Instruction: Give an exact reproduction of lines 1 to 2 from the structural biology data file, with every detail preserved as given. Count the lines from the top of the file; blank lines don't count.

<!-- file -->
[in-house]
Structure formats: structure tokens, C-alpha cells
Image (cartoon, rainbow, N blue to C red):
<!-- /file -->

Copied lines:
[in-house]
Structure formats: structure tokens, C-alpha cells